[13]      For many years Mr Fleming has kept a daily A4 diary.  It contains both “to do” entries and a record of what he has done.  He noted in his diary that on Friday 30 November 2012 he picked up two bags of gritting salt from the store and visited Queen Street car park.  I found him to be a credible and reliable witness.  I accept that he went there between about 9am and 11.30am and that if it had been required, he would have gritted the main driveways and pedestrian parts (but not the individual parking bays).

[14]      The claim is based on section 2(1) of the Occupiers’ Liability (Scotland) Act 1960.  It provides:

“The care which an occupier of premises is required, by reason of his occupation or control of the premises, to show towards a person entering thereon in respect of dangers which are due to the state of the premises or to anything done or omitted to be done on them and for which the occupier is in law responsible shall, except in so far as he is entitled to and does extend, restrict, modify or exclude by agreement his obligations towards that person, be such care as in all the circumstances of the case is reasonable to see that that person will not suffer injury or damage by reason of any such danger.”


[15]      The dispute between the parties is a narrow one.  It can be focussed in two questions.  First, was it reasonable in all the circumstances for the council not to have a system for ice detection and treatment on Saturdays?  Secondly, if they had had such a system, would it have prevented the injuries sustained by Mr Cairns?

[16]      The answers to these questions are interwoven.  Unless one knows the system that should have been in place, it is impossible to determine causation.

[17]      Mr Clarke submits that the absence of any regime or system on Saturdays was a breach of the council’s duty.  He contends that a reasonable system would have involved detection and treatment before the local shops opened at 9am or 10am. 

[18]      If correct, that would mean that the system on Saturdays would have been more stringent than that on weekdays, where Mr Fleming might not have visited Queen Street car park until after 10am.  It also fails to acknowledge the resource implications.  It is a matter for the local authority to determine when and where to deploy its employees.  Mr Clarke’s submission would mean that it would have to provide cover for all 28 car parks each Saturday.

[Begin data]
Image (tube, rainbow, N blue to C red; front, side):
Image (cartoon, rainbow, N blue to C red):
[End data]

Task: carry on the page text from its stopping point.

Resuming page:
[19]      The court is reluctant to trespass into this area, which involves questions of prioritisation and allocation of resources:  Grant v Lothian Regional Council 1988 SLT 533, Morton v West Lothian Council 2006 SLT 7, Ryder v Highland Council 2013 SLT 847.  I conclude therefore that the pursuer has not made out his case in terms of the 1960 Act.

[20]      The question of when the black ice formed in the Queen Street car park is a matter of speculation.  I cannot conclude whether it would have been gritted before the accident.  It depends on the system implemented.  Accordingly, I also hold that Mr Cairns fails on causation.

[21]      Since the beginning of this year, there is a warning sign at the entrance to the car park.  It states that the ground may not have been gritted in icy conditions.  Mr Zarembski explained that he saw a similar sign at his stepdaughter’s school and thought it helpful to erect them at the council’s car parks.  Mr Cairns said that if he had seen such a sign, he would have gone another way.  Although he was fully restored following a hip replacement in May 2012, at the time of the accident he was more cautious about where he went.  In my view, however, the duty of care did not extend to erecting a warning sign.  Its content was in effect a statement of the obvious.

[22]      I therefore hold that the pursuer has not established his case.  Accordingly the claim fails and I shall assoilzie the defenders.  In doing so I express my sympathy for the very unfortunate experience suffered by Mr Cairns.